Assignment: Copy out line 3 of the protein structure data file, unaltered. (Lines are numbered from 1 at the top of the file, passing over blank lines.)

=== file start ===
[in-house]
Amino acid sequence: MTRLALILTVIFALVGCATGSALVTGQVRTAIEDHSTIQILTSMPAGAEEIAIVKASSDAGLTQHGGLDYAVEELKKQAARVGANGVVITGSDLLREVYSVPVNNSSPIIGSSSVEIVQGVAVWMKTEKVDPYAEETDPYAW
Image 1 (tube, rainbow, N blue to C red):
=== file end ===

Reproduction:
Image 1 (tube, rainbow, N blue to C red):